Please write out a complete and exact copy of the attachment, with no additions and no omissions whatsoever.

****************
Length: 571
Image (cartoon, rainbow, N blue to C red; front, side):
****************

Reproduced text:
Length: 571
Image (cartoon, rainbow, N blue to C red; front, side):